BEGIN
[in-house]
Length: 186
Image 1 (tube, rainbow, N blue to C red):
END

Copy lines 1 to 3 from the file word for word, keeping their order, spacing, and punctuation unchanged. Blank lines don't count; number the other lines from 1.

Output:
[in-house]
Length: 186
Image 1 (tube, rainbow, N blue to C red):